This is the opposite of (1). The team is star-studded but they never find a good idea or find product-market fit. As result, VCs lose faith and the startup runs out of money.

3. The false-positive

Early adopters are important to startups. They can help shape the trajectory of the company. However, single-mindedly focusing on early adopters can create products that are too complicated for mainstream users. A company that wisely avoided this was Dropbox.

Why Late-Stage Companies Fail?

1 of out 3 Series C companies and beyond don’t become profitable. So what are some ways to avoid failing as a late-stage company?

1. Speed trap

Growth is good, and learning to control that growth is crucial. Many companies fail because they grow too fast and their unit economics struggle. Additionally, clone products start eating away at their market share.

2. Help wanted

An early-stage company is dramatically from a late-stage company. Failure to make that transition can be detrimental. Companies need to find experts when transitioning to late-stage, otherwise, it’s a recipe for disaster.

3. Cascading miracles

A company requires multiple things to go right for their product to work. If one thing goes wrong, then the whole thing crumbles. So with each additional variable, it increases the odds of the product failing.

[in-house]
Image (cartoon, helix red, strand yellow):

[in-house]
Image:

Bonus takeaways

Don’t skip the research, if you’re early stage. Talk to at least 20 people in your target segment, and find out what their pain points are.

If you’re a late-stage company, before you press the pedal to the metal find out what the speed limit is. Ask the following questions: Is the company is ready to scale? Do we have the team and the system to scale?

Often times, we only hear about successful companies because of survivorship bias. Tom sheds new light with Why Startups Fail. I recommend every entrepreneur read and absorb the lessons in this book.

If you prefer, you can listen to the episode in the embedded podcast player.

In addition to the above Youtube video and embedded podcast player, you can also listen to the podcast on: